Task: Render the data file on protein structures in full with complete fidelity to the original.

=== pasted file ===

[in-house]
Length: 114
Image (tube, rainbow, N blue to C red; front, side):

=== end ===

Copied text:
[in-house]
Length: 114
Image (tube, rainbow, N blue to C red; front, side):